Do you Kyoto?

Trip Start Dec 24, 2011
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Trip End Dec 31, 2011


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Where I stayed
Ayado Guest House

Flag of Japan  , Kyōto,
Tuesday, December 27, 2011

We left Osaka on Tuesday and took the train to spend a few days in Kyoto. Pay attention to the station stops or else you'll miss it. If you've gone under the mountain, you've gone too far! I was expecting a larger station and we ended up having to catch another train to go back one stop. Kyoto Station is a grand building and leads to an even grander city. It is the Japan of your imagination: stunning temples, colourful shrines, mountain views, bamboo alleyways, beautiful geisha, grand palaces...
While I did greatly enjoy what Osaka had to offer, I was glad to visit Kyoto next because it offered the Japan I dreamed about. Our hostel was located in Gion, just outside the historical geisha district. The side streets outside the hostel were home to several antique shops containing many of the familiar Japanese antiques we have scattered around the house at home. The first day in Kyoto was spent wandering the busy streets full of shops, street food vendors, locals and tourists. One of the delicious street foods to be found is a barbecued rice cake on a stick, covered with a sticky, sweetish orange sauce. As dinnertime approached, we followed the sounds of happy slurping to a ramen shop. In Japan and Korea, it is permissible (and encouraged) to slurp your noodles. The louder you are, the bigger the compliment to the chef. Instant ramen has nothing on this stuff. I myself am not much of a ramen fan until I had the real thing served in this steamy little shop where the cooks make the noodles at the counter and large pots of broth simmer in the back. Needless to say, there was a lot of happy slurping coming from our table.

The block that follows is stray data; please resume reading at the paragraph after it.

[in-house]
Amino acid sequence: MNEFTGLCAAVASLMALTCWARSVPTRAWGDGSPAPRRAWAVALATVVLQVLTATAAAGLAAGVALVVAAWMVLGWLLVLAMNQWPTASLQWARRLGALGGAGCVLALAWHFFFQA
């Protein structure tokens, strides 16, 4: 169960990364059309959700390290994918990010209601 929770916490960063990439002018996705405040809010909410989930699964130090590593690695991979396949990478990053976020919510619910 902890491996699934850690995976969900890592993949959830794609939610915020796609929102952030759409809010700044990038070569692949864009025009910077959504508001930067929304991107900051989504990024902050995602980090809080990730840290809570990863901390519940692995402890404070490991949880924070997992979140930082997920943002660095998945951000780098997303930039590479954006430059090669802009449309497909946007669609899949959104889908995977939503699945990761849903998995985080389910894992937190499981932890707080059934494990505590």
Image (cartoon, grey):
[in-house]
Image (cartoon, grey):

On the way back from dinner, we stopped at the Yasaka-jinja Shrine. There is something very enchanting about visiting a shrine at night. The oversized carved dog and buddha statues have an otherworldly quality in the lamp light. I could have spent the rest of the night photographing the shrine in different lighting. Wandering around the grounds under the moonlight is a great way to experience the magic of Japan.  
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